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Antibiotic prophylaxis may not help prevent recurrent urinary tract infections (UTI) in children, but treatment could increase the risk of drug resistance, according to a cohort study in primary care.
In 611 children aged 6 or less presenting with a first urinary tract infection, prophylaxis was not associated with a reduced risk of a recurrent infection (hazard ratio 1.01, 95% CI 0.5 to 2.02). In 83 children who did develop recurrent infections, prophylaxis was associated with an increased likelihood of antibiotic resistance (odds ratio 7.5, 1.60 to 35.17).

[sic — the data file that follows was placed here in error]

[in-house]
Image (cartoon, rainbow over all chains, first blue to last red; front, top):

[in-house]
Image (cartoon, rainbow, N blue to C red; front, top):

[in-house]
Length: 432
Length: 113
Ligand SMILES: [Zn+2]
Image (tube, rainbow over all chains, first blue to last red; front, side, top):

US guidelines recommend prophylaxis for children with a first urinary tract infection and vesico-ureteral reflux, despite mixed results from previous trials. These authors found no link between recurrence and grade 1-3 reflux, but their results for more severe disease were inconclusive. They suggest that doctors discuss the risks and benefits with families before prescribing prophylaxis. The alternative is close surveillance without antibiotics.
These authors found a lower rate of recurrent urinary tract infection (12% per year after a first infection) than previous studies in other populations. But they are confident that their estimate accurately reflects the incidence of symptomatic recurrent infection in primary care.